What made you want to design a trip around Newfoundland’s sustainable cuisine?
We love to eat, especially when we're travelling. Designing a food-focused journey through Newfoundland meant that we could finally test out the farm- and sea-to-table cuisine that we've been hearing so much about. There are some creative young chefs doing amazing things with traditional dishes and local ingredients and naturally, we thought our travellers would appreciate a trip that took them to some of the best eateries in the province.
What was one of the most interesting locally sourced ingredients or foods you tried?
Cariboo Moss, which can be found along the shores of Fogo Island. We most enjoyed it candied as a garnish to a mouthwatering chocolate dessert, or served with a mix of local berries. Quench trip guide Kiloran McRae, who lives in Newfoundland, was the most excited of all of us to try it: "It was thrilling to be eating something I walk by everyday... I never imagined eating it. I also think it's beautiful, perhaps because it has so many associations for me. Christmas in the floral business, among others. To me it is the essence of Boreal wilderness, and even the name is evocative. It is a very slow growing lichen and therefore something to be treasured."
Foraging on Fogo Island we sampled the leaves of wild celery which became a delicious addition to our lunch salad. This was another new flavour we will not soon foget.
Can you describe some of the sources of local food you saw at the places you visited?
Fishers' Loft Inn on Trinity Bay has gardens and a greenhouse where it harvests its own vegetables and fruit. Guests have the freedom to peruse them on their own.
Not far away from Port Rexton is Newman’s Cove, which is home to Bonavista Social Club – a lunch spot that, by the way, has the only wood-fired bread oven in Newfoundland and Labrador. Its pizzas are topped with produce from the cascading kitchen garden, and the goats and chickens supply milk and fresh eggs.
The ocean supplies the cod on Fogo Island, which many say is unlike any other cod they’ve tasted. We tasted cod in many meals, but most memorable were the divine salted cod cakes with poached eggs at breakfast (a Fogo Island Inn twist on eggs benny). Fogo Island Cod is considered a delicacy and it’s served at select restaurants in Canada. This is why we decided to start our epicurean itinerary with a meal at Ruby Watchco, where Chef Lora serves it as a special menu item.
What were some of your favourite east-coast colloquialisms?
We were fascinated by the beauty of the ghost-like glaciers (which sadly will not likely be passing through in the fall). We learned that bergy-bits are the small glacial ice chunks that float up to 4 metres above the water surface and often eventually wash ashore. They are the melting remains of small icebergs, and are the shards that may get crushed to end up in a cocktail glass. Growlers are slightly larger, diminishing flatter icebergs that are less than 1 metre above the surface. They were named due to the grumbling sound they make as the iceberg melts and trapped air escapes.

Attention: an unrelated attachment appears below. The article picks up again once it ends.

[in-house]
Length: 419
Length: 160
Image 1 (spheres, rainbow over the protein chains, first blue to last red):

Locals will often invite strangers to their shed parties. This is literally a party in someone’s shed. When we were on Fogo we met a couple who are are legendary with their generous open door policy on weekends. Folks are invited to their garden shed, where they can bring food, drink, perhaps a musical instrument to play, and the festivities unfold. It’s always a good time, and there’s no better way to experience the local hospitality.
A Jiggs’ dinner is a traditional east-coast meal that consists of salt beef, turnip, cabbage, potato, carrot, peas pudding and usually roast turkey or pork. This is the one local dish that Fogo Island Inn owner Zita Cobb wants as a constant on the menu, so Chef Murray keeps it creative, always spinning new and delicious ways to serve it.
What did you enjoy the most about Newfoundland’s amazing outdoors?
Newfoundland’s scenery is astonishing and some of our favourite moments were during our panoramic trail walks. On our hike along the Skerwink Trail, the scent of pine trees and ocean salt stayed with us through the woods and along the dramatic coastal cliffs. At Brimstone Head on Fogo Island we perched on a precipice looking across the ocean for miles, with the waves crashing below. In each location, the glorious sight of whales in the distance and colossal icebergs drifting by left indelible memories. Plus we needed those walks to offset a few of those hearty meals!
Where was the quirkiest landmark?
Brimstone Head on Fogo Island is a towering, rocky peninsula jutting into the sea. The Flat Earth Society has declared it to be one of the four corners of the Earth, and after seeing the views, we can understand why.